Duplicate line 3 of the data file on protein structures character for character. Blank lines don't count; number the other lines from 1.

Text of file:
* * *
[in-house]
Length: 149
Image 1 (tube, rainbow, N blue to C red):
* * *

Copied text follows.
Image 1 (tube, rainbow, N blue to C red):